Chinese hackers Storm-0558 exploit bug in Microsoft cloud to breach US govt email accounts

The cybersecurity breach

Chinese hackers Storm-0558 exploit bug in Microsoft cloud to breach US govt email accounts

A recent cyber-security incident has sent shockwaves across the digital world. Chinese hackers discovered and exploited a vulnerability in Microsoft's cloud-based email service, leading to unauthorized access to numerous U.S. government employees' email accounts. According to Microsoft,[1] the hacking group responsible for this activity, known as Storm-0558, successfully breached approximately 25 email accounts.

These compromised accounts include those of various government agencies and related consumer accounts linked to individuals associated with these organizations. The depth and breadth of this breach underscore the sophistication and persistence of today's cyber threats, particularly those stemming from well-organized, well-funded hacking groups.

The intrusion was first detected by U.S. government safeguards last month. Upon discovering an irregularity in Microsoft's cloud security, officials immediately contacted Microsoft to identify the source and vulnerability in their cloud service. This intrusion impacted unclassified systems, indicating the extent to which cyber threats can infiltrate and potentially disrupt even secure environments. Among those compromised was the State Department, one of the several federal agencies affected by this serious security breach.

Hackers’ Modus Operandi: Storm-0558’s sophisticated technique

The Chinese hacking group Storm-0558, known by Microsoft as a “well-resourced” adversary, orchestrated a sophisticated infiltration of email accounts. Their primary targets were Outlook Web Access in Exchange Online (OWA) and By forging authentication tokens, the hackers were able to gain unauthorized access to user accounts, effectively bypassing existing security measures.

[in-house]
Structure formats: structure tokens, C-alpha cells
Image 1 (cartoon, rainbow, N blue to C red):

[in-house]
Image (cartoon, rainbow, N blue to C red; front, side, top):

In this intricate operation, the hackers managed to exploit a token validation issue that allowed them to impersonate Azure AD users and thereby gain unauthorized access to enterprise email accounts. The clandestine nature of this operation ensured that the hackers' malicious activities remained undetected for about a month until customers alerted Microsoft to anomalous mail activity.

According to Charlie Bell, Microsoft's top cybersecurity executive, the group was primarily focused on espionage, gaining access to email systems for intelligence collection. Bell explained:[2]

This type of espionage-motivated adversary seeks to abuse credentials and gain unauthorized access to data residing in sensitive systems.

Ensuing Action: mitigation and investigation

Following the discovery of this security breach, Microsoft stated that the attack had been successfully mitigated and Storm-0558 no longer had access to the compromised accounts. However, the company has not yet confirmed whether any sensitive data was exfiltrated over the month-long period during which the hackers had access.

The U.S. cybersecurity agency CISA announced in an advisory[3] that the attackers had gained access to unclassified email data. Still, the overall impact of this incident remains unknown. During a briefing, a senior FBI official described the month-long intrusion as a “targeted campaign,” declining to confirm the total number of victims or to name the impacted agencies.

Notwithstanding the lack of definitive attribution, a senior CISA official stated that a government-backed actor had exfiltrated a “limited amount” of Exchange Online data. Both CISA and the FBI are now urging any organization that detects anomalous activity in Microsoft 365 to report it promptly.

As cybersecurity breaches continue to pose a significant threat to governments and corporations worldwide, the story of Storm-0558's attack underscores the importance of robust digital security protocols and swift, effective responses to any signs of a breach.

About the author
Gabriel E. Hall
Gabriel E. Hall - Passionate web researcher

Gabriel E. Hall is a passionate malware researcher who has been working for 2-spyware for almost a decade.

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